Scapular Fracture

Require a significant amount of blunt force and are frequently associated with intrathoracic injuries



  1. Closed Fracture:
  2. Otho Consult if
  3. Presence of a scapula fracture mandates investigation for associated intrathoracic injuries. Displaces glenoid articular fracture, angulated glenoid neck fractures, & certain acromial & coracoid fractures may require surgical intervention.


  Initial Treatment
Splint type & position Arm sling for comfort
Initial follow-up visit Within 1 to 2 weeks of injury
Pt instructions Icing in the first 48 to 72 hours
Early ROM exercises as pain permits within the first week
  Follow-up Care
Cast or Splint type & position Body, spine, coracoid: none
Glenoid neck: sling for comfort
Acromion: sling for 2 to 3 weeks
Healing time 4 to 6 weeks
Follow-up visit interval Every 2 to 4 weeks to assess progress with shoulder rehabilitation
Repeat radiography interval Within 2 to 4 weeks of injury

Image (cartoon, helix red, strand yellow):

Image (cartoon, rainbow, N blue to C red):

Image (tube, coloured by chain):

Must see radiographic healing before starting resistance exercises (usually within 2 to 4 weeks)
Pt instruction Pendulum exercises followed by progressive ROM, including extension and abduction
Resistance exercises especially for rotator cuff muscles
Indications for Ortho consult Displaced glenoid neck fractures with clavicle fracture or with more than 1 cm displacement or 20 degrees inferior angulation.
Glenoid fracture with more than 25% articular involvement, >5 mm stepoff, or displaced humeral head.
Displaced coracoid and acromion fractures

Fractures of the scapula:
   Body (A) 
   Coracoid process (B),
   Acromion (C),
   Glenoid fossa (E),
   Spine (F),
   Glenoid neck (F).